There are also additional hiking opportunities near Seward and Portage Glacier. If you want to take the extra time to dig your heels into Alaska, spend the night in Seward and watch the sunrise over Alaska's chilly hills.

2. Denali & Anchorage

If taking a train up to Denali doesn't excite you, then it's easy enough to turn the itinerary mentioned above into a road trip.

Day 1

On the first day of your visit, you'll want to quickly stop in Talkeetna, AK. Talkeetna is a two-hour, 113-mile drive away from Anchorage. Here, you can stretch your legs while exploring the local river walk.

Talkteena, after all, rests at the crossroads of three glacial rivers, making it the ideal spot to have lunch and enjoy the sound of running water.

From Talkeetna, it's a 2-and-a-half hour, 152-mile drive to Denali. If you have the energy after your drive, you can hike the Savage River Area before checking into your hotel for the evening.

Day 2

We recommend spending your second day in Denali at Denali National Park. Take a shuttle into the park in the early morning and spend the rest of your day hiking or enjoying the park's many attractions.

If you're visiting in the fall, stay in the park through the evening. You may catch a glimpse of the auroras overhead.

Denali at Sunrise

Day 3

If you didn't visit the dog kennels at Denali on the second day of your trip, you need to visit them today. Here, you can watch sled dogs play and test their strength. You may even be able to take a ride on a dog sled!

After visiting the Visitors' Center and saying goodbye to the dogs, head back onto the road and drive to Fairbanks. This 2-hour, 123-mile drive will set you up to spend two-and-a-half days exploring the Fairbanks area.

Day 4 & 5

Similarly to the Fairbanks visit described in the train itinerary, you can spend your fourth and fifth days on vacation exploring the many attractions in the Fairbanks area, including:

  • LARS (Large Animal Research Station)
  • The Museum of the North in Fairbanks
  • Georgeson Botanical Gardens
  • Morris Thompson Cultural & Visitors Center
  • Pioneer Park
  • Riverboat Discovery

On both nights, make sure to stay within the city limits. You'll be able to explore the city's nightlife and seasonal attractions more readily if you do.

Day 6

On the last day of your visit, spend your morning visiting one or two of the attractions you missed on the previous days of your trip. Then, hit the road and head back to Anchorage.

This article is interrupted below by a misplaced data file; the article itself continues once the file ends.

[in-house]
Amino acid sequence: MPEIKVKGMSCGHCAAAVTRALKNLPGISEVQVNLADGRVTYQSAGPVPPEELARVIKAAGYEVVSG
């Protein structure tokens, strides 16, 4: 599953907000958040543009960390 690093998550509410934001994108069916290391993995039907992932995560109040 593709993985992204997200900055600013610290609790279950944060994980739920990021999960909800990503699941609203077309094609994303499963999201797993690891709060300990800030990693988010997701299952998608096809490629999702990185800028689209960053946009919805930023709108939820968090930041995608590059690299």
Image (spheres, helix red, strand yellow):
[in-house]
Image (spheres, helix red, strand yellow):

On average, the drive takes 6 hours, as you'll have to make your way across 360.6 miles of Alaskan highway.

Two-week Alaska Itinerary From Anchorage By Car

If you have more time, this two-week Alaska itinerary will take you around the state's most popular spots.

Days 1-6

You can use the Kenai Peninsula Itinerary to schedule the first week of your Alaskan vacation.

Days 7-11

Take care to divide the next five days of your trip between Denali and Fairbanks, as you would if following the itinerary mentioned earlier.

Day 12

You'll want to prepare the kids for the twelfth day of your trip. This day, you'll be heading to the North Pole. A 17-minute, 13.5-mile drive away from Fairbanks, courtesy of AK-2 E, you'll be able to do more than see this natural wonder in its beauty.

You'll also be able to dive into the history of St. Nicholas and Santa Claus.

If you can get the kids to calm down, eat lunch in Delta Junction, and take advantage of the thematic boutiques in the area. You can return to lodgings in Fairbanks or settle in the distant Glenallen.

If you want to head out of Fairbanks, Glenallen is a 4-hour and 13-minute drive away via AK-2 E and AK-4 S. Driving these extra 248 miles will help you jump on the next day's activities.

Day 13

Views from Glenn Hwy between Palmer and Glenallen, Alaska
Views from Glenn Hwy between Palmer and Glenallen, Alaska

If you haven't already made your way to Glenallen, today is the day to do it. On your way, you can drive the McCarthy Road, which takes you to the gates of Wrangell St. Elias National Park.

Do note, however, that McCarthy Road is a dirt road. You may want to forgo this visit if you've rented a car for your trip.

Instead, you can drive over to Valdez. This scenic drive will take you through Alaska's varying ecosystems, exposing you to as many chilled tundras as it will glistening forests.

After your 2-hour, 120-mile drive, you can visit the Solomon Hatchery, among Valdez's many other local attractions.

Day 14

At last, with the kids tuckered out, you can start your drive back to Anchorage. Head down the scenic Glenn Highway to glimpse America's last frontier.

The drive will take 5 and a quarter hours over 300 miles, but the views you'll get are worth the time spent on the road.

Take Your Time and Enjoy the Beauty of Alaska

As you can see, there are many great options for creating a memorable trip to Alaska, and she has everything she has to offer.

Take your time to appreciate the gorgeous land in all its glory!

9 Alaska Itineraries From Anchorage (With A Car Or Without One!)

9 Alaska Itineraries From Anchorage (With A Car Or Without One!)

9 Alaska Itineraries From Anchorage (With A Car Or Without One!)